International Journal of Yoga
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    Table of Contents - Current issue
September-December 2022
Volume 15 | Issue 3
Page Nos. 173-261

Online since Monday, January 16, 2023

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Promoting personalized medicine through Yoga-based lifestyle p. 173
Nandi Krishnamurthy Manjunath
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Yoga module development and validation: A systematic review with methodological guidelines p. 175
Naresh Katla, Atmika Ramsahaye, Arun Thulasi, Judu Ilavarasu, Aarti Jagannathan, Hemant Bhargav, Shivarama Varambally, Nanjudaiah Gangadhar
In the past decades, more than fifty different yoga styles have been implemented in the therapeutic context to manage various diseases. Yet, not all of these yoga styles have been validated or standardized as a program. The aim of this article is to review the different methodologies used for yoga module development and to assess their quality. Three databases (PubMed, Web of Science, and Scopus) were searched using the following keywords and Boolean operators: (validation OR development OR design) AND (yoga OR mind-body) AND (module OR protocol OR program). Three thousand six hundred and seventy-one articles were enlisted, and based on the inclusion and exclusion criteria, 37 articles were narrowed down for review. Since no checklist exists to assess the quality of yoga modules, the authors designed a 23-item checklist to categorize each having low, medium, or high quality. As per the yoga module quality checklist, only 21.6% of the studies had high quality, while 75.3% of the articles had medium quality and 8.11% had low quality. A commonly used development method was literature review, while for validation, experts' scoring of the Likert scale was the preferred means. The feasibility of the module was carried out only by half of the studies. Few diseases such as cardiovascular disease, diabetes mellitus, obesity, Parkinson's disease, and obesity had more than one yoga module developed. The findings of this systematic review have shed some light on the growing need for standardized methods of yoga module development. The 23-item checklist can guide researchers in the homogeneous development strategies when designing yoga interventions in the future.
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Functional connectivity of prefrontal cortex in various meditation techniques – A mini-review p. 187
Mrithunjay Rathore, Meghnath Verma, Mohit Nirwan, Soumitra Trivedi, Vikram Pai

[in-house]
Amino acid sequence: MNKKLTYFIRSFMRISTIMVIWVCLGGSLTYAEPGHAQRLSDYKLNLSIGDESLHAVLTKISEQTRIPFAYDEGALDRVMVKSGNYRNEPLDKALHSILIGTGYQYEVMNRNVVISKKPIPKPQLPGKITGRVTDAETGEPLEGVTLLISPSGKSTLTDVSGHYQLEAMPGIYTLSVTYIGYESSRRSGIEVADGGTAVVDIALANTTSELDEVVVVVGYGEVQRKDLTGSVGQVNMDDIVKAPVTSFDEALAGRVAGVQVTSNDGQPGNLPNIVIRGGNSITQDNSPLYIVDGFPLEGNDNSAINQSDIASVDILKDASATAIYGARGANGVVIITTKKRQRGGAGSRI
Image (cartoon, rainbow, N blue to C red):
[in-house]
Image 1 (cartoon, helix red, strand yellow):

Meditation is a practice of concentration and relaxation. In philosophical terms, it is a process of gaining self-consciousness. Although there is diversity in meditation (Mindfulness, compassion, transcendental, and focused attention meditation), interventions show that meditation practices improve prefrontal cortex (PFC) functions like cognition, self-awareness, attention, and memory and reduce psychological symptoms. These results are thought to be due to meditation increasing functional connections of different brain regions. We reviewed to show the functional connectivity of the prefrontal cortex in various meditation practices. We were viewed various neuroimaging interventions of functional connectivity associated with the prefrontal cortex and different brain areas during meditation techniques on healthy meditators compared with non-meditators. fMRI findings show that meditation practices are associated with increased neural function and processing, default mode network, gray matter volume, and functional coupling in the brain area related to different parts of PFC. PFC's functional connectivity is associated with increased attention, working memory, cognitive control, executive control, emotion regulation, counteracting adverse effects, self-perception, and self-compassion. Furthermore, PFC's functional connectivity decreases anxiety, depression, perceived stress, negative emotion, and hyperarousal symptoms. In this review, we outlined the published effect of meditation on the function and structure of the different parts of the prefrontal cortex. We suggest a positive theoretical correlation between meditation and the functional connectivity of the prefrontal cortex. Altered prefrontal connectivity is seen in some neurological and psychosocial disorders. Therefore meditation can also play an influential role in treating these disorders.